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true-list type specifier
- To: NGALL@BBNG.ARPA
- Subject: true-list type specifier
- From: "Scott E. Fahlman" <Fahlman@C.CS.CMU.EDU>
- Date: Sun, 20 Apr 1986 22:18:00 -0000
- Cc: common-lisp@SU-AI.ARPA
- In-reply-to: Msg of 20 Apr 1986 12:48-EST from NGALL at G.BBN.COM
- Sender: FAHLMAN@C.CS.CMU.EDU
You're wrong here. The term "list" already means what you want
to call a "true list". See the definition on page 26.
No, you're wrong here. On pg. 27 it says: "The Lisp data type LIST is
taken to mean the union of the CONS and NULL data types, and therefore
encompasses both true lists and dotted lists."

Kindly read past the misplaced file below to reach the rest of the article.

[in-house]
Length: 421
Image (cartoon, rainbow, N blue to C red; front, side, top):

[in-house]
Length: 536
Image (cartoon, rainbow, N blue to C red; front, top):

OK, now that you mention it, the statement at the bottom of page 27
seems to be more clearly applicable LIST as a type-specifier than the
definition on page 26.
I wonder if any exisitng code would break if we were to define the List
type-specifier to mean "true list"? Implementations would then be free
to use a null test instead of a consp test, though consp would also be
legal. My guess is that some implementations follow this convention
already, even though page 27 seems to label this an error.